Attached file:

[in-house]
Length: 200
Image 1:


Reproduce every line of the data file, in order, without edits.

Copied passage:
[in-house]
Length: 200
Image 1: